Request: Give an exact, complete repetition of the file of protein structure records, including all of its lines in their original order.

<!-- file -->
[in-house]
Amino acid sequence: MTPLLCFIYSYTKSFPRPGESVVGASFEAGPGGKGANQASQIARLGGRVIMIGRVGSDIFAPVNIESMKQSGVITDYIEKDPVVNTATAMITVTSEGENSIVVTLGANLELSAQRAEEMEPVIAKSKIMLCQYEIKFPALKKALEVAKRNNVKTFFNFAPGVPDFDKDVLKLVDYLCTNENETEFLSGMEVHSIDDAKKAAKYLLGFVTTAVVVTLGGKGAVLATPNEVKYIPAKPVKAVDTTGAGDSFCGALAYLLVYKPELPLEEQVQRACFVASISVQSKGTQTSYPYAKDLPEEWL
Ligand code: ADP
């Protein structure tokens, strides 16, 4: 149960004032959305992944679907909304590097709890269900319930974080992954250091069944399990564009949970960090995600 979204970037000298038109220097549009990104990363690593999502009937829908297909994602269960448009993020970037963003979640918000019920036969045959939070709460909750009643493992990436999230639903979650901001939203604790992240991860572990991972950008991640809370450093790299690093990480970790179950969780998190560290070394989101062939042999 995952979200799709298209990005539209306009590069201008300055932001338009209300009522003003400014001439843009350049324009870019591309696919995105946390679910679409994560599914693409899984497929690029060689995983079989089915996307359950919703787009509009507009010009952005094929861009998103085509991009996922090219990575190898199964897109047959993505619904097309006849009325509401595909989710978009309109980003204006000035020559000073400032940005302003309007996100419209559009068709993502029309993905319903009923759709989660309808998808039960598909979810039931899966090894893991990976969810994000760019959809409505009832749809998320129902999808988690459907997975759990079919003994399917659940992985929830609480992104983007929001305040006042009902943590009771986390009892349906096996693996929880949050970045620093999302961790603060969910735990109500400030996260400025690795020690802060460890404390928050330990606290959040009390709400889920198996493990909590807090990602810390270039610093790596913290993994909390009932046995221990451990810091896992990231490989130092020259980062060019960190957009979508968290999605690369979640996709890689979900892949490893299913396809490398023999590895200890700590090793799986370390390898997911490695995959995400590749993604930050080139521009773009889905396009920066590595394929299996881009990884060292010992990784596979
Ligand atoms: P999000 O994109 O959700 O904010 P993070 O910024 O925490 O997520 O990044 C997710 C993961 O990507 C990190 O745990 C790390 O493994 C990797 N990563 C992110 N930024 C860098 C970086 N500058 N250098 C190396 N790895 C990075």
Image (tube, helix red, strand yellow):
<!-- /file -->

[in-house]
Amino acid sequence: MTPLLCFIYSYTKSFPRPGESVVGASFEAGPGGKGANQASQIARLGGRVIMIGRVGSDIFAPVNIESMKQSGVITDYIEKDPVVNTATAMITVTSEGENSIVVTLGANLELSAQRAEEMEPVIAKSKIMLCQYEIKFPALKKALEVAKRNNVKTFFNFAPGVPDFDKDVLKLVDYLCTNENETEFLSGMEVHSIDDAKKAAKYLLGFVTTAVVVTLGGKGAVLATPNEVKYIPAKPVKAVDTTGAGDSFCGALAYLLVYKPELPLEEQVQRACFVASISVQSKGTQTSYPYAKDLPEEWL
Ligand code: ADP
């Protein structure tokens, strides 16, 4: 149960004032959305992944679907909304590097709890269900319930974080992954250091069944399990564009949970960090995600 979204970037000298038109220097549009990104990363690593999502009937829908297909994602269960448009993020970037963003979640918000019920036969045959939070709460909750009643493992990436999230639903979650901001939203604790992240991860572990991972950008991640809370450093790299690093990480970790179950969780998190560290070394989101062939042999 995952979200799709298209990005539209306009590069201008300055932001338009209300009522003003400014001439843009350049324009870019591309696919995105946390679910679409994560599914693409899984497929690029060689995983079989089915996307359950919703787009509009507009010009952005094929861009998103085509991009996922090219990575190898199964897109047959993505619904097309006849009325509401595909989710978009309109980003204006000035020559000073400032940005302003309007996100419209559009068709993502029309993905319903009923759709989660309808998808039960598909979810039931899966090894893991990976969810994000760019959809409505009832749809998320129902999808988690459907997975759990079919003994399917659940992985929830609480992104983007929001305040006042009902943590009771986390009892349906096996693996929880949050970045620093999302961790603060969910735990109500400030996260400025690795020690802060460890404390928050330990606290959040009390709400889920198996493990909590807090990602810390270039610093790596913290993994909390009932046995221990451990810091896992990231490989130092020259980062060019960190957009979508968290999605690369979640996709890689979900892949490893299913396809490398023999590895200890700590090793799986370390390898997911490695995959995400590749993604930050080139521009773009889905396009920066590595394929299996881009990884060292010992990784596979
Ligand atoms: P999000 O994109 O959700 O904010 P993070 O910024 O925490 O997520 O990044 C997710 C993961 O990507 C990190 O745990 C790390 O493994 C990797 N990563 C992110 N930024 C860098 C970086 N500058 N250098 C190396 N790895 C990075």
Image (tube, helix red, strand yellow):